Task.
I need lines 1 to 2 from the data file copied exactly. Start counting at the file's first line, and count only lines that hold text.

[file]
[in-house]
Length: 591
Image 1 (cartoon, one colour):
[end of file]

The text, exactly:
[in-house]
Length: 591